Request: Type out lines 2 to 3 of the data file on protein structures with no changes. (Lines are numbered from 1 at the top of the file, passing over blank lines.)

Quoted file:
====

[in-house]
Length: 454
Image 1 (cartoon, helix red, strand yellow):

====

Length: 454
Image 1 (cartoon, helix red, strand yellow):